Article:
The climate change dimwits did get one thing right. The dinosaurs were killed off by rapid and extreme climate change and global warming – with the blasted asteroid hit in the Gulf of Mexico and basically roasted anything over the size of a mouse.
Now that’s global warming and climate change. The Pink Flamingo must ask a very serious question, here. Do you see anything about dinosaur flatulence causing the mass extinction of the dinosaurs – here?
“...Scientists have previously argued about whether the extinction was caused by the asteroid or by volcanic activity in the Deccan Traps in India, where there were a series of super volcanic eruptions that lasted approximately 1.5 million years. These eruptions spewed 1,100,000 km3 of basalt lava across the Deccan Traps, which would have been enough to fill the Black Sea twice, and were thought to have caused a cooling of the atmosphere and acid rain on a global scale.
In the new study, scientists analysed the work of palaeontologists, geochemists, climate modellers, geophysicists and sedimentologists who have been collecting evidence about the KT extinction over the last 20 years. Geological records show that the event that triggered the extinction destroyed marine and land ecosystems rapidly, according to the researchers, who conclude that the Chicxulub asteroid impact is the only plausible explanation for this…”
One of the reasons The Pink Flamingo advocates more than a working knowledge of science is for times like these. I’ve seen some really dumb idiotic scientific theories, but we’re being treated to the dumbest, stupidest, and most idiotic of all times.
No, these were viable theories who met their fate at the hand hand of the killer asteroid. They are about real science, not dino flatulence.
This should get the Flying Fickle of Fate Award.
David Wilkinson of Liverpool John Moores University has suggested that dinosaurs contributed to a Jurassic style greenhouse effect. He also thinks their flatulence is one of the reasons for their demise.
“...It’s also wrong to suggest the study blames dinosaur flatulence for their extinction, Holtz said. He noted that the sauropods started showing up – and getting gassy – around 200 million years ago and didn’t die off until 65 million years ago….”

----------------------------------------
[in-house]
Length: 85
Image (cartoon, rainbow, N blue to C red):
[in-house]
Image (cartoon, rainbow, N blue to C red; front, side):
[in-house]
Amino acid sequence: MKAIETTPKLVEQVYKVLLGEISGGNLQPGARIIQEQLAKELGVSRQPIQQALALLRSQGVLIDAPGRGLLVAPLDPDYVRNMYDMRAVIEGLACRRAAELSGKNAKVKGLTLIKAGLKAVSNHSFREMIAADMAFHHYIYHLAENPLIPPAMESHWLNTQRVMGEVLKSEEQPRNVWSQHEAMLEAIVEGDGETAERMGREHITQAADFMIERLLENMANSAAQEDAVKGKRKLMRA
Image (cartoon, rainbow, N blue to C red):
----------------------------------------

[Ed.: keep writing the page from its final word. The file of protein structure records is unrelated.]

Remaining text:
Lord have mercy!
Wilkinson’s theory is based on real science done on a real paper by real scientists. You read the arguments and make a few rational decisions, which is much more than our gasbag did.
“…Now for the Paleocene, it is unlikely that changes in ice sheets were very relevant (there weren’t any to speak of). But changes in vegetation, ozone, methane and aerosols (of various sorts) would certainly be expected. Estimates of the ESS taken from the Pliocene, or from the changes over the whole Cenozoic imply that the ESS is likely to be larger than the Charney sensitivity since vegetation, ozone and methane feedbacks are all amplifying. I’m on an upcoming paper that suggests a value about 50% bigger, while Jim Hansen has suggested a value about twice as big as Charney. That would give you an expected range of temperature increases of 2-5ºC (our estimate) or 3-6ºC (Hansen) (note that uncertainty bands are increasing here but the ranges are starting to overlap with the observations). ALl of this assumes that there are no huge non-linearities in climate sensitivity in radically different climates – something we aren’t at all sure about either.
But let’s go back to the first key assumption – that CO2 forcing is the only direct impact of the PETM event. The source of all this carbon has to satisfy two key constraints – it must be from a very depleted biogenic source and it needs to be relatively accessible. The leading candidate for this is methane hydrate – a kind of methane ice that is found in cold conditions and under pressure on continental margins – often capping large deposits of methane gas itself. Our information about such deposits in the Paleocene is sketchy to say the least, but there are plenty of ideas as to why a large outgassing of these deposits might have occurred (tectonic uplift in the proto-Indian ocean, volcanic activity in the North Atlantic, switches in deep ocean temperature due to the closure of key gateways into the Arctic etc.).